‘On My Birthday, July 21’: A Poem by Matthew Prior

In this poem, Prior (1664-1721) takes his birthday (July 21) as an opportunity to chastise the woman he loves for treating him with ‘scorn’ and denying him. A birthday poem that is also a love poem, albeit one about thwarted love, ‘On My Birthday, July 21’ is the latest in our ‘post a poem a day’ series.

On My Birthday, July 21

I, my dear, was born to-day—
So all my jolly comrades say:
They bring me music, wreaths, and mirth,
And ask to celebrate my birth:

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‘Neurasthenia’: A Poem by A. Mary F. Robinson

Agnes Mary Francis Robinson (1857-1944), also known as Agnes-Marie-François Darmesteter and approximately seven thousand other names during the course of her life, grew up with literature virtually in her blood: the family home was a salon frequented by William Morris and Arthur Symons, along with many leading Victorian artists. A. Mary F. Robinson’s poetry is little-read now, which is a shame, as this fine sonnet, about the condition known as neurasthenia, attests. Although its title announces its subject as neurasthenia, Robinson’s evocation of what it’s like to feel cut off from the world around you by psychological and neurological illness chimes with many sufferers’ descriptions of the blackest moods experienced during depression.

I watch the happier people of the house
Come in and out, and talk, and go their ways;

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‘Sonnet on Being Cautioned against Walking on a Headland’: A Poem by Charlotte Smith

‘Sonnet on Being Cautioned against Walking on a Headland’ is that rarest of things: a Gothic sonnet. This needn’t surprise when we bear in mind that the sonnet’s author, Charlotte Turner Smith (1749-1806), was associated with English Romanticism and was also a key figure in the revival of the English sonnet.

Sonnet on Being Cautioned against Walking on a Headland

Is there a solitary wretch who hies
To the tall cliff, with starting pace or slow,
And, measuring, views with wild and hollow eyes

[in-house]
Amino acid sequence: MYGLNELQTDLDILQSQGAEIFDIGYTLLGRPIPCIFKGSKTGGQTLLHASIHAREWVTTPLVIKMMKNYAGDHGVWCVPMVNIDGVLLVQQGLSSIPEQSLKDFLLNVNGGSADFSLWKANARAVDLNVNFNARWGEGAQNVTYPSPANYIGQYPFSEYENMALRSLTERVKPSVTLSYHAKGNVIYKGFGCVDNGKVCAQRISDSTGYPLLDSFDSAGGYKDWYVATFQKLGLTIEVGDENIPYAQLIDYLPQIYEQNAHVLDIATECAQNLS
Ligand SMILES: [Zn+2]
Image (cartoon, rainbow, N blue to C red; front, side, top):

Its distance from the waves that chide below;

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‘Grief is a Mouse’: A Poem by Emily Dickinson

‘Grief is a Mouse’ by Emily Dickinson (1830-86) explores a range of metaphors for grief, including the idea of grief as a mouse, which ‘chooses Wainscot in the Breast / For His Shy House’. The idea is that grief is deeply felt, but hidden away: like a mouse in the wainscot, we are aware of it continually, but we never (or seldom) see it.

Grief is a Mouse—
And chooses Wainscot in the Breast
For His Shy House—
And baffles quest—

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‘Ode to the West Wind’: A Poem by Percy Shelley

Written in 1819 during a turbulent time in English history – the Peterloo Massacre, which Percy Shelley (1792-1822) also wrote about in his poem ‘The Mask of Anarchy’, deeply affected the poet – ‘Ode to the West Wind’ is one of Shelley’s best-known poems. The west wind is the wind that would carry Shelley back from Florence (where he was living at the time) to England, where he wanted to help fight for reform and revolution. The west wind thus becomes, before Harold Macmillan, a ‘wind of change’.

Ode to the West Wind

O wild West Wind, thou breath of Autumn’s being,
Thou, from whose unseen presence the leaves dead
Are driven, like ghosts from an enchanter fleeing,

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